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Nidhi Mayurika is a 17-year-old student from Bangalore, India, who is a three-time winner of the NASA Ames Space Settlement Contest. Nidhi is a space enthusiast and wants to create awareness about climate action using a scientific approach.
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On International Girls in ICT Day, 22 April, join us to celebrate girls in tech, support technology education and skills training, and encourage more girls and young women to pursue STEM careers. From creating open-source ventilators in Afghanistan to unifying and amplifying the voices of young activists in Chile, and working to end child marriage in Georgia, here are some girls and young women changemakers who inspire us.
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In an op-ed on the role of digitalization in the decade of action, UN Women Executive Director Phumzile Mlambo-Ngcuka addresses the role of digitalization in achieving the SDGs, and the importance of technology and innovation to achieving gender equality and inclusive development has never been clearer nor more urgent.
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Separated by their country’s divisions, both geographically and politically, 36 Libyan women have since used their phones to connect, discuss and overcome their differences in the interest of one goal: Peace.
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UN Women Executive Director Phumzile Mlambo-Ngcuka and CEO of Plan international Anne-Birgitte Albrectsen highlights the alarming lack of connectivity girls, women, and marginalized groups continue to face as the COVID-19 pandemic has moved so many aspects of daily life online.
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At only 11 years old, Samaira Mehta is already the founder and CEO Coderbunnyz and Codermindz, two board games that introduce kids to the concepts of computer programming and artificial intelligence. She’s also the creator of the “Yes, One Billion Kids Can Code” initiative, which aims to help one billion kids in the world gain access to STEM and coding tools by 2030.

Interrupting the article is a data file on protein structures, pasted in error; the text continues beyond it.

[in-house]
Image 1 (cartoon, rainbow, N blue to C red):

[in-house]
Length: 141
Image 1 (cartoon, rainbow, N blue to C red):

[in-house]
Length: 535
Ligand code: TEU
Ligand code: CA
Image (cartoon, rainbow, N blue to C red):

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Ramida Juengpaisal, 24, from Thailand, is a digital product designer and front-end developer from 5 Lab Group co., ltd. a creative software company that created the COVID-19 Tracker in Thailand. She aims to bridge design and technology to make a better society.
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For centuries, women have made significant contributions to the field of science. They’ve discovered life-saving remedies, devised world-altering inventions, and produced far-reaching research, but in many cases their invaluable advances are minimized or neglected.
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Reshma Saujani is the founder and CEO of Girls Who Code, which aims to support and increase the number of women in computer science. In 2010, Saujani became the first Indian American woman to run for U.S. Congress. During the race, Reshma visited local schools and saw the gender gap in computing classes firsthand, which led her to start Girls Who Code. In April 2019, Saujani, also a best-selling author, visited UN Women to discuss her work.
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Rebecca Azanaw, 17, from Addis Ababa, Ethiopia, participated in the first coding camp as part of the joint UN Women and ITU “African Girls Can Code Initiative”, funded by the Government of Denmark. In February 2019, she and 10 other girls from the programme met with UN Secretary-General António Guterres on the sidelines of the African Union Summit in Addis Ababa, to share their experiences and ambitions. On International Girls in ICT Day, we hear from Azanew on how she has continued to hone her skills and empowered others.